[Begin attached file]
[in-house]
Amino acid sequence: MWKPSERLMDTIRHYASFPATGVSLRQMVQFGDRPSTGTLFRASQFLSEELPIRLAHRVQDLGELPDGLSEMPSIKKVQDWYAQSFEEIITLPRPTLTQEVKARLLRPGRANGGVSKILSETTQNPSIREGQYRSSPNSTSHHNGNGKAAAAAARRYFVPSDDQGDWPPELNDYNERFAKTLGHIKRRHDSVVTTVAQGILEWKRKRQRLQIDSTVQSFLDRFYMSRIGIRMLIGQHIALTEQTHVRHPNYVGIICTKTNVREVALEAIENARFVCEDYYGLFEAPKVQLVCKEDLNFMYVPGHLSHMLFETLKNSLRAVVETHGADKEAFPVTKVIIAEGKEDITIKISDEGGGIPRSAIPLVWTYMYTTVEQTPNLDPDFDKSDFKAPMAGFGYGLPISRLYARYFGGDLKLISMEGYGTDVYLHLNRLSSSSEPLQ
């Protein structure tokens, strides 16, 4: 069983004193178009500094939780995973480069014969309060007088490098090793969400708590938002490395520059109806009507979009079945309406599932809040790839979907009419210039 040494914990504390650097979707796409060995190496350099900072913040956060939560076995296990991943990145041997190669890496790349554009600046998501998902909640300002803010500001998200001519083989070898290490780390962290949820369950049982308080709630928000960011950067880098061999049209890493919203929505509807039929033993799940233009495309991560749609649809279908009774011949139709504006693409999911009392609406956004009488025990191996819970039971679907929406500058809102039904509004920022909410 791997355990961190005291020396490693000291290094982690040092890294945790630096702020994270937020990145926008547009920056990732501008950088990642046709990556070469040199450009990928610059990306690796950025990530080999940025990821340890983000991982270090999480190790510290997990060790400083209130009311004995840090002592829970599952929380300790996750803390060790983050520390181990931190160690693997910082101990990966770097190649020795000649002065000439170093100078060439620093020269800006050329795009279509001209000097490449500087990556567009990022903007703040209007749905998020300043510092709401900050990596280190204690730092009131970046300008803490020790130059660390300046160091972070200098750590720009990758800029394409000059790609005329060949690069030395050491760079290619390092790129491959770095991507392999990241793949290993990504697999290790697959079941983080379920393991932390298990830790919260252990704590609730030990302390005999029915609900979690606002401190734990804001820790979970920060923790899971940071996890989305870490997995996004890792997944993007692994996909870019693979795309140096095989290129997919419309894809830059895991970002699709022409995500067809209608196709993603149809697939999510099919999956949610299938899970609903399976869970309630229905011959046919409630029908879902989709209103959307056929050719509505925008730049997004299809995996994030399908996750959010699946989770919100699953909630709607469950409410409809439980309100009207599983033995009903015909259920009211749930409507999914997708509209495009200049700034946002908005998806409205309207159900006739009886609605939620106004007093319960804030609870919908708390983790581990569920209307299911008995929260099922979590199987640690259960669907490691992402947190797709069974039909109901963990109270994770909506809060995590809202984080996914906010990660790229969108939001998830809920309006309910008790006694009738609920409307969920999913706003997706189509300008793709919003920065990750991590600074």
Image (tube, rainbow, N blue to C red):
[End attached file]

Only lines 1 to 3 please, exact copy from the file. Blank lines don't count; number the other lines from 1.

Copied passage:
[in-house]
Amino acid sequence: MWKPSERLMDTIRHYASFPATGVSLRQMVQFGDRPSTGTLFRASQFLSEELPIRLAHRVQDLGELPDGLSEMPSIKKVQDWYAQSFEEIITLPRPTLTQEVKARLLRPGRANGGVSKILSETTQNPSIREGQYRSSPNSTSHHNGNGKAAAAAARRYFVPSDDQGDWPPELNDYNERFAKTLGHIKRRHDSVVTTVAQGILEWKRKRQRLQIDSTVQSFLDRFYMSRIGIRMLIGQHIALTEQTHVRHPNYVGIICTKTNVREVALEAIENARFVCEDYYGLFEAPKVQLVCKEDLNFMYVPGHLSHMLFETLKNSLRAVVETHGADKEAFPVTKVIIAEGKEDITIKISDEGGGIPRSAIPLVWTYMYTTVEQTPNLDPDFDKSDFKAPMAGFGYGLPISRLYARYFGGDLKLISMEGYGTDVYLHLNRLSSSSEPLQ
């Protein structure tokens, strides 16, 4: 069983004193178009500094939780995973480069014969309060007088490098090793969400708590938002490395520059109806009507979009079945309406599932809040790839979907009419210039 040494914990504390650097979707796409060995190496350099900072913040956060939560076995296990991943990145041997190669890496790349554009600046998501998902909640300002803010500001998200001519083989070898290490780390962290949820369950049982308080709630928000960011950067880098061999049209890493919203929505509807039929033993799940233009495309991560749609649809279908009774011949139709504006693409999911009392609406956004009488025990191996819970039971679907929406500058809102039904509004920022909410 791997355990961190005291020396490693000291290094982690040092890294945790630096702020994270937020990145926008547009920056990732501008950088990642046709990556070469040199450009990928610059990306690796950025990530080999940025990821340890983000991982270090999480190790510290997990060790400083209130009311004995840090002592829970599952929380300790996750803390060790983050520390181990931190160690693997910082101990990966770097190649020795000649002065000439170093100078060439620093020269800006050329795009279509001209000097490449500087990556567009990022903007703040209007749905998020300043510092709401900050990596280190204690730092009131970046300008803490020790130059660390300046160091972070200098750590720009990758800029394409000059790609005329060949690069030395050491760079290619390092790129491959770095991507392999990241793949290993990504697999290790697959079941983080379920393991932390298990830790919260252990704590609730030990302390005999029915609900979690606002401190734990804001820790979970920060923790899971940071996890989305870490997995996004890792997944993007692994996909870019693979795309140096095989290129997919419309894809830059895991970002699709022409995500067809209608196709993603149809697939999510099919999956949610299938899970609903399976869970309630229905011959046919409630029908879902989709209103959307056929050719509505925008730049997004299809995996994030399908996750959010699946989770919100699953909630709607469950409410409809439980309100009207599983033995009903015909259920009211749930409507999914997708509209495009200049700034946002908005998806409205309207159900006739009886609605939620106004007093319960804030609870919908708390983790581990569920209307299911008995929260099922979590199987640690259960669907490691992402947190797709069974039909109901963990109270994770909506809060995590809202984080996914906010990660790229969108939001998830809920309006309910008790006694009738609920409307969920999913706003997706189509300008793709919003920065990750991590600074």